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Rasberries, Rum and Evolution

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posted on May, 6 2009 @ 09:08 AM
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Infrared spectroscopy has confirmed the existence of ethyl formate (amongst other chemicals) in deep space. Ethyl formate gives raspberries their distinct flavour, and also smells like rum.

A raspberry flavoured galactic centre with a hint of rum
(This link is from a renowned scientific resource site.)

Considering the existence of a vast array of complex molecules being confirmed in space, would it be outrageous to suggest that perhaps many fruits, animals etc did not evolve their flavours as we think, but simply adopted what was already available in the atmosphere?

To quote from the link:

"If these molecules are detected, it implies that the molecules necessary for life on Earth (or planets in other stellar systems) are formed at a very early stage, before those planets have even formed. This means that newly formed planets may be "seeded" for life, with these prebiotic molecules already present. It would then be a very much shorter step from the formation of a planet to the inception of life on its surface."




[edit on 6/5/2009 by Saurus]




posted on May, 6 2009 @ 10:46 AM
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super cool post.

i had read elsewhere a year or so ago, about a Square Shaped Nebula and Saturn's Hexagon which are geometric shapes floating around in space. so things can align themselves into any pattern in the interstellar medium, given the right energies and materials found.

this is interesting. reminds me of the article about the astronauts who say Space has a Smell.

S&F for showing my next vacation destination!!



posted on May, 6 2009 @ 12:25 PM
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This is cool. It's kind of saying that the traits of an object are predetermined, the traits are around before the thing itself. I've never really thought deeply about freewill and determinism (Ihave but it's a long time ago) but this has implications, purely philosophical from a human POV but nevertheless worthy of thought.



posted on May, 6 2009 @ 12:29 PM
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Would someone please put the lime in the coconut and pass me one of these!!!

We "named" the raspberry and associate it by its odor and flavor. Not the other way around. However a raspberry, rum universe...via association...sounds enticing.

Peace.



posted on May, 7 2009 @ 03:13 AM
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Yes, life does 'grab whatever is in the air' - not to mention the water, the soil, the rocks, even space itself (ultimately, all plants and animals are solar powered, except the deep, deep-sea ones that rely on geothermal energy).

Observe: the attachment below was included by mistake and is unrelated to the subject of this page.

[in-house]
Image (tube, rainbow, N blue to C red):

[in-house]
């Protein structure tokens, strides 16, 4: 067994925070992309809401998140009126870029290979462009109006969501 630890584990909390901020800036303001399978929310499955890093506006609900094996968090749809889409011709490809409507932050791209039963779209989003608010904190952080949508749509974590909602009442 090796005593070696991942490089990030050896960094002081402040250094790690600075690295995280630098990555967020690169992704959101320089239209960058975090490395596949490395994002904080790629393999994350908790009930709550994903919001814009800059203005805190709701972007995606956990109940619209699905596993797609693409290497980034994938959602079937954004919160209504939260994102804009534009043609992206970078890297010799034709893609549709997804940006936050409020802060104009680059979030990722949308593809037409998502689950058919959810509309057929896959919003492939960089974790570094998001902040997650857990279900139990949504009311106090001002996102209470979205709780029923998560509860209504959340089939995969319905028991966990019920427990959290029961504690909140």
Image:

Yet I doubt whether esters and other complex organic compounds found in interstellar dust clouds would survive the state changes involved in star and planetary system formation. No, they would have to combine out of basic elements in the planet's atmosphere and crust once all the hot stuff is over.

[edit on 7/5/09 by Astyanax]



posted on May, 7 2009 @ 03:28 AM
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reply to post by Astyanax
 


I think you may be right.

Still, if complex molecules can form in deep space, where the resources for their synthesis are few and far between, then I would suggest that the spontaneous synthesis of complex molecules on a planet's atmosphere would be much more likely.

As far as I'm aware, our current evolution theory suggests that simple molecules are formed first, and that living creatures synthesize more complex molecules from the simple ones.

If complex molecules are formed spontaneously, we could skip a few steps in the evolution process.

At the very least, the spontaneous formation of complex molecules is one extra piece of evidence for evolutionary theory.

(Unless of course, we were right in the first place, in saying that complex molecules must be formed by living creatures, which would imply the existence of life in deep space.)



posted on May, 7 2009 @ 04:09 AM
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Now if you can find me a pineapple-vodka galactic centre at least 40% I will contribute funds to your research in it.



posted on May, 8 2009 @ 10:34 PM
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reply to post by Saurus
 


The molecules are not especially complex. Ethanol is a two carbon compound and formic acid is a one carbon compound. Esterification is a likely outcome of propinquity. Plants making the same simple molecules would produce similar esters and the fact that they may occur in space has little to do with their synthesis on earth.
BTW, the author misunderstands the naming system and assumes that butyronitrile [incorrectly referred to as "propyl cyanide"] is similar in toxicity to cyanide ion. While it will not do a body good, it s not nearly as toxic as cyanide salts.



posted on May, 8 2009 @ 11:00 PM
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absolutely freaking outstanding find, Saurus. I am going to spend about an hour lying awake considering this in the framework of my current understanding of the universe.

I believe that life is THE rule, and that you will likely find various forms of life everywhere that there is plasma to fuel it. The reason being, the fractal nature of reality.

To find that we have clouds of raspberry flavored vapor, along with the finds of clouds of "beer" as well as vast clouds of water, tells me one thing: we are on the right track with the fractal universe concept.

Molecules will only fit together in so many ways, and they are always drawn to each other. You will find the same compounds and molecules everywhere in our universe.

Thanks for sharing, OP. Out-freaking-standing.



posted on May, 9 2009 @ 06:23 AM
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Originally posted by pteridine
reply to post by Saurus
 


The molecules are not especially complex. Ethanol is a two carbon compound and formic acid is a one carbon compound. Esterification is a likely outcome of propinquity. Plants making the same simple molecules would produce similar esters and the fact that they may occur in space has little to do with their synthesis on earth.